Posted: Wed 31st Aug 2022
Competition. It can be easy to underestimate it but knowing where to begin in analysing it can feel overwhelming.
As an experienced market researcher, getting stuck into a competitor analysis has helped me understand the wider market, its trends and indications of customer needs for my clients' businesses and my own business.
Before we get stuck into the tips for doing a competitor analysis, let's look at what we mean by competitor analysis.
Intercom has a great way of defining the competition:
Direct: They do the same job in the same way, e.g. Mcdonald's and Burger King
Secondary: They do the same job in a different way, e.g. Zoom vs. Business Class travel
Indirect: They do a different job with a conflicting outcome, e.g. Mcdonald's and Weight Watchers
When we think about a 'job' it's part of the idea of the Jobs-to-be-done framework which is outside the scope of this article.
Put simply, it's something someone needs to get done and typically a product or service gets the job done.
There is no such thing as 'no competition' - there is pretty much always a way to get a job done in various ways, even if it is different from your product or service.
Let's get into the tips for doing a competitor analysis.
Before starting your competition analysis, ensure you have a value proposition. A value proposition is a statement that summarises why people would choose your products and services.
You can use the Strategyzer tool to help you figure a statement out if you need further clarification.
Having a really clear idea of what your competitor analysis will focus on will help to refine your competitor analysis.
So, it could be that you're looking at the job that your product or service solves in a particular geographical location. As an example, imagine you want to open a new coffee shop in the town centre of Northampton. Before you put too much time into making your dream a reality, you want to test out your competition.
In this scenario, the job the coffee shop is getting done is primarily providing people with coffee and possibly cake, so that is the main focus, but you may want to consider tea shops, restaurants and delivery services as they are providing people with coffee but in a different way.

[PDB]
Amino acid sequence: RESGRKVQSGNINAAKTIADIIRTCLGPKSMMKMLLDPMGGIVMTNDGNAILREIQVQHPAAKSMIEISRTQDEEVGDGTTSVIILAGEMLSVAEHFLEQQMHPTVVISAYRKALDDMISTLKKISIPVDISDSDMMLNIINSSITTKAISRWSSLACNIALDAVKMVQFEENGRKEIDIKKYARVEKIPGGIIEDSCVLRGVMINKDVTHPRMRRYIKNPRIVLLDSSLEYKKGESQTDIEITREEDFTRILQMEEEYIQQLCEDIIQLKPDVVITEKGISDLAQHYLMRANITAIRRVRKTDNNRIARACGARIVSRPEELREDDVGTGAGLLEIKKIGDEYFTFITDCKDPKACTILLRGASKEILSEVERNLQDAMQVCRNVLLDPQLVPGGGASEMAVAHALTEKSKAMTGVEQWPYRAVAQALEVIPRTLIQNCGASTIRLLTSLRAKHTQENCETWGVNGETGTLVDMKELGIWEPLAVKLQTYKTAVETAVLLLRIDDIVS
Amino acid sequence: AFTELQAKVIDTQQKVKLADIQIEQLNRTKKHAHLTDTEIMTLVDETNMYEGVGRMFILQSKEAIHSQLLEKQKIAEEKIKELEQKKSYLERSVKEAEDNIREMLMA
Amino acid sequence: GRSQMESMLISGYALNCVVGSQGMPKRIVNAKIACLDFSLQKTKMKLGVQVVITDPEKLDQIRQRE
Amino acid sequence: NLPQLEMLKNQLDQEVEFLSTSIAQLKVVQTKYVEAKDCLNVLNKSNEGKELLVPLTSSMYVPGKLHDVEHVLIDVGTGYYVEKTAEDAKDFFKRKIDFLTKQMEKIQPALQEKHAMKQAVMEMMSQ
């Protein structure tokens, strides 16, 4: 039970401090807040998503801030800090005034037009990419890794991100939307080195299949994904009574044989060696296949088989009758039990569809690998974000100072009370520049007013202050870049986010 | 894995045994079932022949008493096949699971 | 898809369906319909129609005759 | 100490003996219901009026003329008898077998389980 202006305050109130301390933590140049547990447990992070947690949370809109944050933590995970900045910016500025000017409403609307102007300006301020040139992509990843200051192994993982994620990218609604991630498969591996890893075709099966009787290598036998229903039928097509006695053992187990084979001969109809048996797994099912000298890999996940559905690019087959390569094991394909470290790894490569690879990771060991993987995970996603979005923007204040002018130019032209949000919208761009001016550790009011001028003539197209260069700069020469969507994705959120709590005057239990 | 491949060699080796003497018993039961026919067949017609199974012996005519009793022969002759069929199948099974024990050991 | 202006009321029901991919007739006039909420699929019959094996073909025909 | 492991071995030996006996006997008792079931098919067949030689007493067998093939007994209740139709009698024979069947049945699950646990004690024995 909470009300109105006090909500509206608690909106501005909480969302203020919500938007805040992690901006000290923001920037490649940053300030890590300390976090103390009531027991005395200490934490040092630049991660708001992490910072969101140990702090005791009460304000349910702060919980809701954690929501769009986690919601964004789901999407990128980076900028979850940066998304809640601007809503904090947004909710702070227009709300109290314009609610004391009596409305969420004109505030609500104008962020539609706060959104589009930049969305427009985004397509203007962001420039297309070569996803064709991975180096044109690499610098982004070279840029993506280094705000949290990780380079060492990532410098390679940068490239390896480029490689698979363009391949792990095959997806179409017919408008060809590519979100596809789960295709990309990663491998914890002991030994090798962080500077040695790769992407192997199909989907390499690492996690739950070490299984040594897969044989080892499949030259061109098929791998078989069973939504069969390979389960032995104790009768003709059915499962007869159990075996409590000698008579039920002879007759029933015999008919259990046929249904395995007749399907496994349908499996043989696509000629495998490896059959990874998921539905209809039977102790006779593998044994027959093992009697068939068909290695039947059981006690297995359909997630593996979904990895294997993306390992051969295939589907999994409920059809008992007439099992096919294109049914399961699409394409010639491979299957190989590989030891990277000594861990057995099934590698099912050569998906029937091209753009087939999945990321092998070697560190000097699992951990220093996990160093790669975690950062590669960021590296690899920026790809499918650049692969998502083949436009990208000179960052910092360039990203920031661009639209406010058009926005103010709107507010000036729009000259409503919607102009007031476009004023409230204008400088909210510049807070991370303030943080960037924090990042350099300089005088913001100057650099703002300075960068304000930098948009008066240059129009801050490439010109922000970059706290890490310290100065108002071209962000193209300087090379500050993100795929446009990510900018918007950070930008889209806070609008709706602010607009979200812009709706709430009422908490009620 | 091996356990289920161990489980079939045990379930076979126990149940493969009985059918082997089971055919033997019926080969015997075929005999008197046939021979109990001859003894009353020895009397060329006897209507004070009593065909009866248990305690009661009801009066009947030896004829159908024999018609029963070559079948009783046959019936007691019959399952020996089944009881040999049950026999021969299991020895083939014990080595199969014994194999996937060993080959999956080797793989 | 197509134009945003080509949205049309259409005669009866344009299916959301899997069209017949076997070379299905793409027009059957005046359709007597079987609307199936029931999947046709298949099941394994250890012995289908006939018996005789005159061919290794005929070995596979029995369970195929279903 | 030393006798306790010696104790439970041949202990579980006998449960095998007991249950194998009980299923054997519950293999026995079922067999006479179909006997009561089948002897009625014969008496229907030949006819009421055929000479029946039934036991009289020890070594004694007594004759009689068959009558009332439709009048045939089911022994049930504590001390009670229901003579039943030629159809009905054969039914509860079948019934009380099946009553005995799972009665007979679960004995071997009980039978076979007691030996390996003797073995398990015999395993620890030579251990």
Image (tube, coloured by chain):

The parameters will be the travelling distance people will be willing to take to get coffee and look in that area.
A 'quick' competitor analysis will focus on the strengths, weaknesses and lessons learned from each competitor.
As the potential coffee shop owner, you may wish to pay the competition a visit: What did you like? What did you think was missing? How are they selling coffee to customers? What didn't you like? What did you learn about the experience? Are there any gaps in the market you've noticed?
Similarly, you can do this online by visiting the websites of your competitors. Keep a log by creating a small database on something like Notion, a word document or a spreadsheet - it depends on how in-depth you want to go.
You can learn a lot about the customer experience of your competitors by looking at what people are saying online about them, through reviews or forums.
This will show the weaknesses of your competitors and may give you some ideas as to how to beat the competition.
Analysing the competition can be seen to be a 'one-off' task but it's something that needs to be revisited periodically as the competitors evolve and change and the market conditions change.
Some competitors may come out of the market, some may change direction in their marketing and sales tactics and others may grow and get stronger.